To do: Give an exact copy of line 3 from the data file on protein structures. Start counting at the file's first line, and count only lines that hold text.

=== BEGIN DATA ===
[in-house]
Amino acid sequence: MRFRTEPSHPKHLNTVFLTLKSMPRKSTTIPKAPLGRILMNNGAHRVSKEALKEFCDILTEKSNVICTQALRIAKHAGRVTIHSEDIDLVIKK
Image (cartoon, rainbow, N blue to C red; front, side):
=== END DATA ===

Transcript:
Image (cartoon, rainbow, N blue to C red; front, side):